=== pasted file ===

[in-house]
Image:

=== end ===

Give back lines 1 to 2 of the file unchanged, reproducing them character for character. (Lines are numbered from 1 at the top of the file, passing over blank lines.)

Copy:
[in-house]
Image: